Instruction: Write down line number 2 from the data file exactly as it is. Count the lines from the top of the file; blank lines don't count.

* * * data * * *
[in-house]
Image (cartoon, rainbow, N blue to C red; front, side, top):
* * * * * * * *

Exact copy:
Image (cartoon, rainbow, N blue to C red; front, side, top):